Ducoboo is also based on a popular comic series whose titular character is an eleven-year-old dunce who finds inventive ways to cheat during school exams but always gets caught in the end. For the definite capture of children’s mischiefs however, look no further than War of the Buttons, the latest film adaptation of the classic novel by Louis Pergaud about two rival kid gangs in a little village of post-war France who cut off the buttons from the clothes of their adversaries and keep them as combat trophies.
    Various films in this year’s FFF reminds us French cinema’s knack for producing delightful and sophisticated romantic films. Happiness Never Comes Alone (pictured) offers the winning combo of the sublime beauty of Sophie Marceau and the timeless soulful melodies of classic Motown hits, while Paris- Manhattan is a love letter to the genius of Woody Allen. A hopelessly romantic pharmacist is obsessed with the works and general philosophy of the New York auteur and much like the typical Woody character, she is unlucky in love. As for My Worst Nightmare, the names behind and in front of the camera (the film is directed by Anne Fontaine, responsible for BAFTA-nominated Coco Before Chanel, and stars Isabelle Huppert, winner of two Best Actress awards at Cannes) should be enough to attract every cinephile’s interest.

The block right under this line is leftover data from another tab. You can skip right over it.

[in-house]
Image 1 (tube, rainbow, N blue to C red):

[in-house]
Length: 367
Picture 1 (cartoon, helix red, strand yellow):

Mathieu Kassovitz, whose uncompromising film La Haine still lingers in the mind of everyone who’s seen it, returns with Rebellion that tackles another controversial subject, the 1988 Ouvéa cave hostage taking incident. Elsewhere, the fest sees The Minister, another gripping political thriller. Having won 2 Cesar awards (for Best Original Screenplay and Best Supporting Actor) as well as the 2011 FIPRESCI Prize at Cannes, it should make for essential viewing.

    The Umbrellas of Cherbourg